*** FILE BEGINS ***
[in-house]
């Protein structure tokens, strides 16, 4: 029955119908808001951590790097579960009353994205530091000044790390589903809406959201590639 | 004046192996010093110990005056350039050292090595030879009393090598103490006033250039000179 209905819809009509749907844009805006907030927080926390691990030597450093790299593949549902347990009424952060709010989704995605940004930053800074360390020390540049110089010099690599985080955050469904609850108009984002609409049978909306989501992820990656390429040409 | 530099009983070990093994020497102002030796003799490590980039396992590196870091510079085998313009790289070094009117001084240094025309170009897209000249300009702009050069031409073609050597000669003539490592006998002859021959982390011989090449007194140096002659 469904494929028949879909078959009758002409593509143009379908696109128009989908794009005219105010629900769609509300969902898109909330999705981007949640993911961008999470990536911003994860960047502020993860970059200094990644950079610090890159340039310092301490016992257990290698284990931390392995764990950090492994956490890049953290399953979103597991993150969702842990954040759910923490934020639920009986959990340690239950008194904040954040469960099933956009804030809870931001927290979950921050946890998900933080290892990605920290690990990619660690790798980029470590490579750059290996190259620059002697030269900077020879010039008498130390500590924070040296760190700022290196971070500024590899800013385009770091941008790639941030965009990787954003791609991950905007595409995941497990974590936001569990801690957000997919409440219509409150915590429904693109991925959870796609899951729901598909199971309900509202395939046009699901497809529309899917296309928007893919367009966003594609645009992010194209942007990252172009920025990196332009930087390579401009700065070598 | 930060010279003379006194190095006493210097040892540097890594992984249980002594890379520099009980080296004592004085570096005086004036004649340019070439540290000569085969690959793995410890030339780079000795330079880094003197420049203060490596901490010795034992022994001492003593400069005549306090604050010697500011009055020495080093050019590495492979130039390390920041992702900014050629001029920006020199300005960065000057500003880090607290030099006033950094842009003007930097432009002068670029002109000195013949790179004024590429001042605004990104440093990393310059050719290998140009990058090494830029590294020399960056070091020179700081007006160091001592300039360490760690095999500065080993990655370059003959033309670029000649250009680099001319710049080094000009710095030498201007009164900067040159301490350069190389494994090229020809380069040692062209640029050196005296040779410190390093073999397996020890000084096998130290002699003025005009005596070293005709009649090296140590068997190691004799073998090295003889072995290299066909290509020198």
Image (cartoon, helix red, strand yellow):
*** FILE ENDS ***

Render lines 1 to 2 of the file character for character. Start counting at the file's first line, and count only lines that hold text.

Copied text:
[in-house]
């Protein structure tokens, strides 16, 4: 029955119908808001951590790097579960009353994205530091000044790390589903809406959201590639 | 004046192996010093110990005056350039050292090595030879009393090598103490006033250039000179 209905819809009509749907844009805006907030927080926390691990030597450093790299593949549902347990009424952060709010989704995605940004930053800074360390020390540049110089010099690599985080955050469904609850108009984002609409049978909306989501992820990656390429040409 | 530099009983070990093994020497102002030796003799490590980039396992590196870091510079085998313009790289070094009117001084240094025309170009897209000249300009702009050069031409073609050597000669003539490592006998002859021959982390011989090449007194140096002659 469904494929028949879909078959009758002409593509143009379908696109128009989908794009005219105010629900769609509300969902898109909330999705981007949640993911961008999470990536911003994860960047502020993860970059200094990644950079610090890159340039310092301490016992257990290698284990931390392995764990950090492994956490890049953290399953979103597991993150969702842990954040759910923490934020639920009986959990340690239950008194904040954040469960099933956009804030809870931001927290979950921050946890998900933080290892990605920290690990990619660690790798980029470590490579750059290996190259620059002697030269900077020879010039008498130390500590924070040296760190700022290196971070500024590899800013385009770091941008790639941030965009990787954003791609991950905007595409995941497990974590936001569990801690957000997919409440219509409150915590429904693109991925959870796609899951729901598909199971309900509202395939046009699901497809529309899917296309928007893919367009966003594609645009992010194209942007990252172009920025990196332009930087390579401009700065070598 | 930060010279003379006194190095006493210097040892540097890594992984249980002594890379520099009980080296004592004085570096005086004036004649340019070439540290000569085969690959793995410890030339780079000795330079880094003197420049203060490596901490010795034992022994001492003593400069005549306090604050010697500011009055020495080093050019590495492979130039390390920041992702900014050629001029920006020199300005960065000057500003880090607290030099006033950094842009003007930097432009002068670029002109000195013949790179004024590429001042605004990104440093990393310059050719290998140009990058090494830029590294020399960056070091020179700081007006160091001592300039360490760690095999500065080993990655370059003959033309670029000649250009680099001319710049080094000009710095030498201007009164900067040159301490350069190389494994090229020809380069040692062209640029050196005296040779410190390093073999397996020890000084096998130290002699003025005009005596070293005709009649090296140590068997190691004799073998090295003889072995290299066909290509020198």